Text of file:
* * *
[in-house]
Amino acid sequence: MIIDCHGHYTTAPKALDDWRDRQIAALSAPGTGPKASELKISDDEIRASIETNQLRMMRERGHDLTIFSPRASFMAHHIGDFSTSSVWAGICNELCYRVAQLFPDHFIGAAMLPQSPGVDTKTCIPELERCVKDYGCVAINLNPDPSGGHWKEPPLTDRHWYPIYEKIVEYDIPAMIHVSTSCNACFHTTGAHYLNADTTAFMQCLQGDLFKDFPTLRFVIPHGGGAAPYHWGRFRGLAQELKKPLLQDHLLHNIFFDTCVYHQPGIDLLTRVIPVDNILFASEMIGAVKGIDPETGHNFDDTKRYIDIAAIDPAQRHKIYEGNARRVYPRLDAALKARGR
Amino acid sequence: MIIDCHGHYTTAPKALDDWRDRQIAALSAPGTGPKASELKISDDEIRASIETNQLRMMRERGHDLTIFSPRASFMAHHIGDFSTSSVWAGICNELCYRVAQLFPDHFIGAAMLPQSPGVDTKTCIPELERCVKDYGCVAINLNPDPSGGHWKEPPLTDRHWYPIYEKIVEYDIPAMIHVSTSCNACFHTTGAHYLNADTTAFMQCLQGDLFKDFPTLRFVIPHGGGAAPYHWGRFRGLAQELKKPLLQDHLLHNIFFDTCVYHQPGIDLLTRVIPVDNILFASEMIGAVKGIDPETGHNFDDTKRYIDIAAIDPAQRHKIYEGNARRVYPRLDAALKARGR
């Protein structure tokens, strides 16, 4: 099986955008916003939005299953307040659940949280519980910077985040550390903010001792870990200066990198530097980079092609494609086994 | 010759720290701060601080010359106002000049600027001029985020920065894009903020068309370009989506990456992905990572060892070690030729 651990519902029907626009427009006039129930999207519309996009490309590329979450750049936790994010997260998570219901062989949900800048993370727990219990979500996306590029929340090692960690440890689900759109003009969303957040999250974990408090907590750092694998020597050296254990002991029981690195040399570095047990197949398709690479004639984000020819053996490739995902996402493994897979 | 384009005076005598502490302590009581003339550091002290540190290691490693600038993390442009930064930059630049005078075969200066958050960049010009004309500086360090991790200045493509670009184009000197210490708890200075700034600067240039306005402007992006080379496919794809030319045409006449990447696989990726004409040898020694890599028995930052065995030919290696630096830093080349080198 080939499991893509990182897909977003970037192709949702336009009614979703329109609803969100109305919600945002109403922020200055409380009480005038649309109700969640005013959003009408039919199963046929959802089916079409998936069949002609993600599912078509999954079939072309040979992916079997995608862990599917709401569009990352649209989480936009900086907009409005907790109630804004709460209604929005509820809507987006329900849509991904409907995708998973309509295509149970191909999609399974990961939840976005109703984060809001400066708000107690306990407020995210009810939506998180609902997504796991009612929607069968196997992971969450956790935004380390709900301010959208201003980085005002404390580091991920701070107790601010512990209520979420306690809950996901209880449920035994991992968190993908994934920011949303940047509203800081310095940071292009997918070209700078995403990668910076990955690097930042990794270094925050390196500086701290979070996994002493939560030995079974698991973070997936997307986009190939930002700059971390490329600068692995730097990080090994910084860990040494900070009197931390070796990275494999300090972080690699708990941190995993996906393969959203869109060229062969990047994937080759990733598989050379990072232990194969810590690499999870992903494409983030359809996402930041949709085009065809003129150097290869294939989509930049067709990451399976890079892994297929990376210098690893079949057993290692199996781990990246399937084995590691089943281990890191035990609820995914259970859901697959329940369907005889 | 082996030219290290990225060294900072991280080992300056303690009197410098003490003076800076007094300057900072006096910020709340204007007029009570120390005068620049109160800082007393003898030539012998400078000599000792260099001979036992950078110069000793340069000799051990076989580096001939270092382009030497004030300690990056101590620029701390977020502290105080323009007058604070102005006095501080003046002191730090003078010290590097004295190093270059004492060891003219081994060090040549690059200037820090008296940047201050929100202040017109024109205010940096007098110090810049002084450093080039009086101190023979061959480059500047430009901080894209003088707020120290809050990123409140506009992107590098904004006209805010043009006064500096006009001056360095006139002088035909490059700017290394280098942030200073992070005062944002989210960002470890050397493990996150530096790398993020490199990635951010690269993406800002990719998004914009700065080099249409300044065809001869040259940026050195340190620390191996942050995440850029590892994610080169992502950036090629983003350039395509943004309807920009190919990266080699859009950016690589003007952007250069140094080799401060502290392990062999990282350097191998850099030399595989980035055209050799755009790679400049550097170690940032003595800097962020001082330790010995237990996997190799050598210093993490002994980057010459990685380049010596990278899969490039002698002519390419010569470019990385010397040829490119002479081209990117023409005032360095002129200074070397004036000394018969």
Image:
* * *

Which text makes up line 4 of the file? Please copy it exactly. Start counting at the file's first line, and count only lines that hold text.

């Protein structure tokens, strides 16, 4: 099986955008916003939005299953307040659940949280519980910077985040550390903010001792870990200066990198530097980079092609494609086994 | 010759720290701060601080010359106002000049600027001029985020920065894009903020068309370009989506990456992905990572060892070690030729 651990519902029907626009427009006039129930999207519309996009490309590329979450750049936790994010997260998570219901062989949900800048993370727990219990979500996306590029929340090692960690440890689900759109003009969303957040999250974990408090907590750092694998020597050296254990002991029981690195040399570095047990197949398709690479004639984000020819053996490739995902996402493994897979 | 384009005076005598502490302590009581003339550091002290540190290691490693600038993390442009930064930059630049005078075969200066958050960049010009004309500086360090991790200045493509670009184009000197210490708890200075700034600067240039306005402007992006080379496919794809030319045409006449990447696989990726004409040898020694890599028995930052065995030919290696630096830093080349080198 080939499991893509990182897909977003970037192709949702336009009614979703329109609803969100109305919600945002109403922020200055409380009480005038649309109700969640005013959003009408039919199963046929959802089916079409998936069949002609993600599912078509999954079939072309040979992916079997995608862990599917709401569009990352649209989480936009900086907009409005907790109630804004709460209604929005509820809507987006329900849509991904409907995708998973309509295509149970191909999609399974990961939840976005109703984060809001400066708000107690306990407020995210009810939506998180609902997504796991009612929607069968196997992971969450956790935004380390709900301010959208201003980085005002404390580091991920701070107790601010512990209520979420306690809950996901209880449920035994991992968190993908994934920011949303940047509203800081310095940071292009997918070209700078995403990668910076990955690097930042990794270094925050390196500086701290979070996994002493939560030995079974698991973070997936997307986009190939930002700059971390490329600068692995730097990080090994910084860990040494900070009197931390070796990275494999300090972080690699708990941190995993996906393969959203869109060229062969990047994937080759990733598989050379990072232990194969810590690499999870992903494409983030359809996402930041949709085009065809003129150097290869294939989509930049067709990451399976890079892994297929990376210098690893079949057993290692199996781990990246399937084995590691089943281990890191035990609820995914259970859901697959329940369907005889 | 082996030219290290990225060294900072991280080992300056303690009197410098003490003076800076007094300057900072006096910020709340204007007029009570120390005068620049109160800082007393003898030539012998400078000599000792260099001979036992950078110069000793340069000799051990076989580096001939270092382009030497004030300690990056101590620029701390977020502290105080323009007058604070102005006095501080003046002191730090003078010290590097004295190093270059004492060891003219081994060090040549690059200037820090008296940047201050929100202040017109024109205010940096007098110090810049002084450093080039009086101190023979061959480059500047430009901080894209003088707020120290809050990123409140506009992107590098904004006209805010043009006064500096006009001056360095006139002088035909490059700017290394280098942030200073992070005062944002989210960002470890050397493990996150530096790398993020490199990635951010690269993406800002990719998004914009700065080099249409300044065809001869040259940026050195340190620390191996942050995440850029590892994610080169992502950036090629983003350039395509943004309807920009190919990266080699859009950016690589003007952007250069140094080799401060502290392990062999990282350097191998850099030399595989980035055209050799755009790679400049550097170690940032003595800097962020001082330790010995237990996997190799050598210093993490002994980057010459990685380049010596990278899969490039002698002519390419010569470019990385010397040829490119002479081209990117023409005032360095002129200074070397004036000394018969």